Last Modified: 2013-04-05 | Tags »
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Young adults and children on antidepressants are more prone to suicidal thoughts. Learn more about antidepressants and suicide risk in this video.
Transcript: In 2004, the Food & Drug Administration added a black box warning to ALL antidepressants stating...
In 2004, the Food & Drug Administration added a black box warning to ALL antidepressants stating that, in the first couple months of treatment, suicidal thoughts may INCREASE in children AND adolescents. In 2007, they extended the warning to people 24 and under. So if antidepressants RAISE suicide risk, why would they be prescribed for young people at all? Well, a comprehensive review of available data found that the BENEFITS of antidepressants to children and adolescents with major depression and anxiety disorders outweigh this upsetting-but relatively rare and transient--risk. The danger is greatest during the first 4 weeks of medication and decreases after that. According to the National institutes of Health, about 4 percent of children taking SSRI medications experienced suicidal thinking or behavior, including actual suicide attempts-twice the rate of those taking placebo, or sugar pills. However, there is no data that identifies WHICH antidepressants are riskier. To control the risk, young people on antidepressants should be monitored CLOSELY. And, according to the NIMH-funded Treatment for Adolescents with Depression Study, they respond best when treated with a combination of medication and psychotherapy .Antidepressants do not seem to increase suicidal thoughts or actions in adults OVER 24, however. And while they are not always effective, about 55 to 70 percent of people feel better -- at least in the short term -- as a result of taking an antidepressant. If you find yourself or a young person you know having suicidal thoughts, see your doctor IMMEDIATELY. If you've just started a new medication, it MIGHT be the reason for the extreme depression. But DON'T stop taking antidepressant medication WITHOUT a doctor's permission and supervision. Watch more videos in this series to learn more about treating major depression.More »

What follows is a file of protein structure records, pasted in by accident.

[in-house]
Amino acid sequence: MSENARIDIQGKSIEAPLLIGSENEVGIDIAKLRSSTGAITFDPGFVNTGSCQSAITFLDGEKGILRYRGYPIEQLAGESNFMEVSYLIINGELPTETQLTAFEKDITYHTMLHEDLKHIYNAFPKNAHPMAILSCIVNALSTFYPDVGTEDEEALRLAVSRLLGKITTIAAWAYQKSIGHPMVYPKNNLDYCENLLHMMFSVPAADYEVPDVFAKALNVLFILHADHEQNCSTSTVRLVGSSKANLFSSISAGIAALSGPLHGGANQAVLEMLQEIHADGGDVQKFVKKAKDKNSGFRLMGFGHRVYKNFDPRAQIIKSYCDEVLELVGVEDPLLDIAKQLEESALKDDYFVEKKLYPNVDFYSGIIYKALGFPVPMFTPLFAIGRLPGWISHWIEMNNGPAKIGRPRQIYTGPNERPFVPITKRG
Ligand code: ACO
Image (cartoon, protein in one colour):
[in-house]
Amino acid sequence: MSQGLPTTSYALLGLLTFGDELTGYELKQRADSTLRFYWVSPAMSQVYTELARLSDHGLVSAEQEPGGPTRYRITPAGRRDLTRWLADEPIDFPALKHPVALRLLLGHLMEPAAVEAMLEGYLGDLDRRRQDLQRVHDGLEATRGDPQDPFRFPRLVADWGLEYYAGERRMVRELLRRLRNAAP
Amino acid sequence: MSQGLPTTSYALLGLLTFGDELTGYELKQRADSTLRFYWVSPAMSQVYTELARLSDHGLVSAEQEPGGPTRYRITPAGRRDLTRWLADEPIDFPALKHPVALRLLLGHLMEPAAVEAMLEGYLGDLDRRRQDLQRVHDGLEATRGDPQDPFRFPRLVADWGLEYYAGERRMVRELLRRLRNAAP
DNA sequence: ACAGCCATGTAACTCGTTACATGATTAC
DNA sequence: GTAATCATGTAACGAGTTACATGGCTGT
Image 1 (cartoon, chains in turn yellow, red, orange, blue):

Last Modified: 2016-04-05 | Tags »